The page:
At the back, as still practiced by ARC, are rows of gilded RCA phono sockets, seven pairs for sources including the tape decks, and six pairs for the two main outputs and tape-record connections.  The identically sized power supply provided on/off and activating or switching off of the four auxiliary sockets on the back (three switched and one un-switched).  This would have probably been blanked off in export markets, and I suspect most hardcore audiophiles in the United States would have avoided their use on purist grounds.  But the convenience was undeniable, especially for single-switch power-on operation.

Also still employed by ARC is a warm-up period from switch-on, so one need never suffer nasty bangs—and as this was likely to be used with big power amplifiers, it’s a precaution worth applauding.  What was notorious about the SP-11, despite its hybrid DNA, was a lengthy warm-up period, needing a good 15 to 30 minutes to sound good, and a few hours to sound its best.  It always reminded me of a great red wine, one   that didn’t truly reach its drinkable best (from opening) until an hour or two had passed.  And, yes, I know that there are those who will argue that the only reason wine tastes better at the end of the meal is because you’ve had more to drink than when you started.  As one with the willpower to decant my reds three hours before drinking, I know that’s not the case.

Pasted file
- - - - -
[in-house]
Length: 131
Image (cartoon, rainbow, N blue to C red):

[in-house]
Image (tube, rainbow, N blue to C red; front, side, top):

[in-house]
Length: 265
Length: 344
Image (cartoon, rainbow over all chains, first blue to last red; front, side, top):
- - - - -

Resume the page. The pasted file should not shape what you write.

While Dorgay will insert into his own hands-on experience with a mint SP-11 in a 2013 context (see “Additional Listening” below), I am content to recall that it sounded less warm than the SP-10, and less tube-y, which is as it should be.  Equally, the SP-11 would in no way be mistaken for a solid-state preamplifier, yet it offered the precision, silences and precise bass attributed to transistor control units.  I also recall that the phonostage was an utter delight, especially with MCs of relatively high output that could exploit its 47k-ohm setting, and work well enough with its 76 dB of gain.  It was and is a magnificent device, an all-time great.